Last week, Transport Minister Phil Twyford shot down Wellington Council's request to levy a congestion charge.
Congestion charging would help ease traffic, and not just in Wellington. But each city coming up with its own congestion charging scheme might not be the best way forward.
Wellington's congestion problems might look a bit provincial to those stuck in Auckland traffic, but no one enjoys rush-hour commutes. On the weekends in the capital, it is hard to tell whether a trip across to Miramar and the airport will take ten minutes or 40.
Done properly, a congestion charge can solve a lot of these problems. It would encourage people to shift their times of travel, or to take the train, if those options worked for them. And, done properly, it wouldn't be a tax grab either. But it could be pretty difficult for one council do it on its own.
How could it work, if central government implemented it properly?
The same kind of technology that lets commercial trucks handle road user charges painlessly could be installed on petrol vehicles. Petrol excise would go away, with road user charges taking their place to collect the same amount of money for the land transport fund.
Carbon charges on petrol would, of course, remain.
The purpose of a congestion charge would not be to fund new roads, or road expansions, or public transport, or anything else. The purpose of a congestion charge would be to get rid of the hassle and time and frustration cost that each of us bears when stuck in traffic, and to replace it with a monetary charge instead that would allow traffic to flow freely.
If you'd like an analogy, think about the old Soviet Union. Prices were officially very low in the government's stores, but everyone had to sit in queues for hours if they wanted to be able to buy toilet paper. That's how we run our roads: the government's set price for getting onto the road is zero, but you have to queue.
Ideally, congestion charging would be revenue-neutral. Road user charges would fund the roads, but congestion charges' only job is to alleviate congestion. The government could take every dollar collected in congestion charges, net of the cost of running the system, and give every person in the country an equal payment out of the collected funds.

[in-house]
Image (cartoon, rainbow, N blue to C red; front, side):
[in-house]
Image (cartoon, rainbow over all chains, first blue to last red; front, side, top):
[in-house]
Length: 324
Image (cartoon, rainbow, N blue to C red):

Letting prices work can solve a lot of problems. It can also then make additional investments in roads rather less necessary. Traffic engineers like building roads to handle times of peak use. Charges that spread that traffic load more evenly over the day mean that you don't need to invest as much in increasing capacity in the first place.
Even better, the collected congestion charges can start to tell you when it does make sense to increase capacity – to twin Wellington's Mt Vic tunnel, for example, or to turn some of the chokepoint traffic circles on Johns Road in Christchurch into offramps and flyovers. If collected congestion charges around the chokepoint signal that people really put a lot of value on getting across town, that starts making the case for increasing capacity.
If instead we see that the congestion charge needed to for traffic to flow freely around the chokepoint at peak hours is rather low, then the economics of fixes like a second tunnel are likely rather poor.
It's hard to tell which is true until we start pricing congestion.
But all of this would be very difficult for any council to implement on its own. The system requires some technology in cars. If one council goes it alone, you need a system to get out-of-towners to pay. If different councils start implementing it and don't use a common standard for collecting commuting data and sorting out payment, it would be easy to wind up with a mess.
And that kind of mess is what we could too easily wind up with if central government continues to stall on implementing congestion charging. Labour and National both support congestion charging, but neither seems keen on implementing it. Jam tomorrow always seems to be the rule, with congestion charging always just another consultancy report away.
What needs to happen instead is bipartisan agreement to roll-out a national congestion-charging scheme in 2024 – just after the next election. International experience, documented in the Initiative's recent report on congestion charging, shows that voters support well-designed schemes once they become used to them. Setting the roll-out for the first year of an electoral term would help take election worries out of the mix.
Fixing the date would give the bureaucracy a target to work toward. It would also give local governments frustrated by continued delays some certainty. They would not have to try going it alone.
It isn't just Wellington that could use a congestion charge. Central government needs to help get us there.